What's the Problem?

Since the mid-20th Century, Kestrel and owl populations have faced increasing pressure in Britain as areas of suitable habitat has become increasingly limited. Areas of rough grassland, grazed pastureland and suitably wide crop field margins are now important habitats for populations of these birds, as they represent the main hunting and foraging areas for them.

In addition to habitat pressures, nest site availability can be a limiting factor for bird of prey populations that use secondary and/or artificial cavities for nests, such as tree hollows or the lofts of old buildings. This limitation can be addressed by the provision of artificial nest sites (nest boxes). Nest boxes can be an effective conservation tool in areas where existing breeding sites are threatened with destruction, or are subject to human disturbance. Where suitable habitat exists, nest boxes can provide nesting opportunities for cavity nesting birds of prey. Nest boxes also facilitate access to nests for the purpose of population monitoring. However, without suitable foraging habitat, the provision of nest boxes is likely to be less effective and so the protection of suitable habitat in addition to the provision of potential nest sites are two conservation methods that should be done together.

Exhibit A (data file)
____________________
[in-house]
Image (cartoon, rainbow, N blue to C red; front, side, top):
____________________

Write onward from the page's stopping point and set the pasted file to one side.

Our Project

This project is aimed at four British bird of prey species with the overall conservation goal of maximising the population potential of the target species. The primary method is to increase nest site availability for these species in areas of otherwise suitable habitat. The four target species are: Barn Owl, Kestrel, Little Owl and Tawny Owl.

In order to achieve this overall conservation goal, a broad range of research objectives must be met. These objectives are addressed primarily through a combination of habitat assessments, population surveys, analyses of breeding data and studies on diet.

There are numerous research topics associated with the Raptor Nest Box Project, each falling under one of three general areas of investigation. These are listed below, with an example of a specific research topic under that area:

Project Outcomes

One of the main outcomes from the population monitoring and associated research work is the knowledge and data to improve conservation techniques. This project will also lead to an improved understanding of the ecology of the four target species.

©2024 Hawk Conservancy Trust